THE months and weeks are inching closer to the national elections. And here I am, stuck to a few candidates at the Bacolod senatorial level. I have yet to make up my mind on my presidentiable.

I want to base my choice not on emotionalism, but on what the candidates did in the past to foretell what they might do when they get the highest office of the land.

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Here’s something I got from the Philippine Center for Investigative Journalism and written by Malou Mangahas. Well-researched, I find her article a good educational read -- something to think about transparency and adhering to the rule of law.

The law requires all candidates to submit their Statement of Electoral Contributions and Expenses within 30 days after Election Day; otherwise, the winners may not be allowed to take their oath of office.

The law on campaign finance set caps on how much a candidate may spend, who may donate and receive money on his or her behalf, and what types of expenses may be allowed, and what are disallowed. A candidate for president, vice president and senator may spend at most P10 per voter, and his or her political party, an additional P5 per voter.

With 50 million registered voters as base figure, the spending limit those gunning for national positions are P500 million for the candidate, and P250 million for his or her political party. Combined, the maximum spending limit for national candidates is P750 million for the May 10, 2010 elections.

The PCIJ concluded that most candidates seem inclined to understate and deflate their expenses, hide or shield the full details of donations they received and the identities of the donors, and offer only a list of their expense items by general categories.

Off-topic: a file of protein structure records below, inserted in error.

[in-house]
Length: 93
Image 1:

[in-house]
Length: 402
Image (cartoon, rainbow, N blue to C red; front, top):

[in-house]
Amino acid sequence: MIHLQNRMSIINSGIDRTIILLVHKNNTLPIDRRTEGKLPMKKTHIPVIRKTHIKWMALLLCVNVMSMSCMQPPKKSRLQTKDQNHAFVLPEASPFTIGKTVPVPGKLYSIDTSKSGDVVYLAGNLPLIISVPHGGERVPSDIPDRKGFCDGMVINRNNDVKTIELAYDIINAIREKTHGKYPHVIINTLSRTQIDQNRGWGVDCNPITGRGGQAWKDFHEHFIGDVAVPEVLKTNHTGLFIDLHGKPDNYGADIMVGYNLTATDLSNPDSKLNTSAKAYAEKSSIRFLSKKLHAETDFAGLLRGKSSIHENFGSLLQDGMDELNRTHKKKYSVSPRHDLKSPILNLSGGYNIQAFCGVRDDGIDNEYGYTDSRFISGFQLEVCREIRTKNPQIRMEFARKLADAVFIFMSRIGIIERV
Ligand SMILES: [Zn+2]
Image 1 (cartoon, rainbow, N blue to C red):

The most secretive are those who vied, and are vying for the presidency. They went through the motions of filing the financial statements for its sake, with little regard for the completeness and integrity of their reports.

Those who disclosed the donations to their campaigns but were sparse with details of their campaign expenditures were Gloria Macapagal-Arroyo and Joseph Estrada – and those who seek it now -- Senators Manny Villar, Jamby Madrigal, and Bro. Eddie Villanueva.

Those who were most transparent and almost made full disclosure of details were Vice President Noli de Castro and Senators Noynoy Aquino and Richard Gordon, among others. The most impressive was that of presidential spare tire Noli de Castro.

In 2004, de Castro submitted a report that’s an auditor’s dream. His financial statement looked like a bookkeeper’s journal of his daily campaign expenses. De Castro disclosed the millions of pesos he paid certain “media representatives” apparently moonlighting as his PRs, some radio reporters and stations, two editors in one tabloid, reporters who attended his press conference, and a TV anchor in whose program he was invited as a guest.

Aquino’s report is as detailed, but with numerous entries for “foods and groceries,” gasoline, freight charges, and P10.89 million in “unpaid obligations incurred” even after he had won. This included P4.8 million he owed GMA Network, P3.2 million the Associated Broadcast Management Corporation, and P2.8 million the LSA Printing Press Inc.

Villar claimed that he spent his own money in the 2001 elections (P38.56 million) and again in 2007 (P62.53 million), Villar’s net worth grew even fatter and bigger. After spending P62 million of his own money for his reelection bid, in June 2007, Villar declared a net worth of P921.39 million; six months later, this surged further to P1.04 billion. A case of sipag and tiyaga while in office?

Too bad, PCIJ failed to provide details on Gordon. He could have been an interesting case study for transparency and accountability to the law. At any rate, I now have a shortlist for whom I’m going to vote for the presidency.

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